There are three indisputable advantages to be gained by turning a suppressed religious house into a modern hotel, so a cunning old Italian inn-keeper once confided to us; that is, of course, provided one is not afraid of the proverbial curse that clings to the buying of any of the Church's sequestrated property. These three things are good air, good water, and lovely views; benefits that a layman is fully as competent to understand as any cloistered ecclesiastic. And certainly the worthy Vozzi are fully justified in offering these privileges to their guests at the Albergo Cappuccini. Signor Vozzi! How many travellers in the South recall with infinite pleasure their host's tall commanding figure, his snowy drooping whiskers, the sun-shade that was rarely out of his hand, his old-fashioned courteous manners, and his famous family of cats, whereof the coal-black Nerone was the prime favourite, a feline monster almost as tyrannical as his Imperial namesake of evil reputation. Signor Vozzi's striking personality, the sable fur of agate-eyed Nerone, the eternal sunshine, and the wide all-embracing views over sea and land, are somehow all jumbled together in our perplexed mind, as it recurs to the many days spent beneath the convent roof. Nay, not beneath the roof! For we were wont to pass the whole day, even the short December day, in basking on the warm sheltered terrace and peering over the busy beach and the dazzling waters below, whereon the tale of Amalfitan fisher-life could be read as it were from the pages of a book.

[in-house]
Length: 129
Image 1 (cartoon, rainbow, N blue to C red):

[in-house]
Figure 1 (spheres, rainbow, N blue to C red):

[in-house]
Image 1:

Somehow the old monastic buildings appear marvellously well adapted to modern needs. The former inmates' cells, wherein the brown-robed brethren of the Order of St Francis until lately were wont to pass their placid uneventful lives, afford comfortable if somewhat limited accommodation; whilst the covered loggia that runs the whole length of the cells has been turned into a series of delightful little sitting-rooms, their broad arc-shaped windows facing full south, a boon that only a winter resident in Italy can properly appreciate. Dove non entra il sole, entra il medico, is a hackneyed but well-proven adage; consequently here in the old Capuchin convent the services of the local medicine-man ought rarely to be required. Signor Vozzi's guests partake of their meals in the ancient refectory, a large bare echoing chamber with a vaulted ceiling, which still contains the old stone pulpit from which in more pious days a grave brother was wont to read aloud choice passages from the works of the early Fathers of the Church or of St Bonaventura, the Seraphic Doctor of the Franciscans, during the hours allotted to the frugal repasts of the friars. But the public rooms and the cool white-washed corridors do not present such attractions as the glorious garden with its famous pergola and its views of the Bay. Here even in Christmas week we found quantities of plants in full bloom: the delicate yellow blossoms of the Soffrana rose; trailing ivy-leaved geraniums with gay heads of carmine flowers; the honey-scented budleia with its little globes of dark yellow flowerets: clumps of gorgeous scarlet salvia; and straggling masses of the pretty cosmia, red, pink and white. Humming-bird hawk-moths darted hither and thither in the sunshine, restless little creatures whose wings are never for a moment still, as they poise gracefully over each separate blossom in turn. The pergola itself, which every artist at Amalfi paints as a matter of course, generally with a Capuchin friar—at least a friar pro hac vice—or a pretty dark-eyed damsel in the native costume, sitting in the foreground, was certainly bare of foliage, we admit, for even in the soft warm air of the Bay of Salerno the grape-vine wisely refuses to burst into leaf at Yuletide, no matter how enticing the warmth. But the thick white pillars and their wooden cross-beams, around which are entwined the leafless coiling limbs of the sleeping vine, throw dark blue patterns of chequered shadow upon the sunlit ground. Above the terraced garden rises the orangery, well watered by many artificial rillets, and from the midst of the orange and lemon trees there emerges a path leading to the entrancing bosco, or grove, that fills the deep hollow space formed by the sheltering cliffs behind. It was mid-winter, as we have said, yet pink cyclamens and strong-scented double narcissi were blooming freely, whilst from the dark boughs of the ilex trees overhead there fell upon the ear the pleasant twittering of innumerable birds, for happily the cruel snare and the gun are strictly forbidden in this sacred spot, so that his "little sisters, the birds," that the gentle Saint of Assisi loved so tenderly, can still sing their songs of innocence and build their nests in peace amidst the trees that no longer remain the property of the great humanitarian Order. At nightfall this garden is almost equally beautiful beneath a star-lit sky and with the many lamps of the town below throwing long bars of yellow light upon the placid waters of the Bay. As we pace the long terrace, wrapped in the glory of a million stars and revelling in the exalted yet fairy-like loveliness of the scene around us, we perceive the mellow night air to be redolent of a strange but fascinating perfume. It is the olea fragrans, the humble inconspicuous oriental shrub that from its clusters of tiny white flowers is thus giving out its secret soul at the falling of the night dews, and permeating the whole garden with its marvellous floral incense. But if the star-lit, flower-scented nights of Amalfi are to be accounted as exquisite memories, how much more glorious and exhilarating is the rising of the sun, as he appears in full majesty of crimson and gold above the classic hills that overlook Paestum to the east! Leaning at early dawn from the windows of the Cappuccini, we have watched the sky flush at the first caress of "rosy-fingered Eos" and seen the fragment of the waning moon turn to silver at the approach of the burning God of Day, still tarrying behind the lofty barrier of the capes and mountains of the Lucanian shore.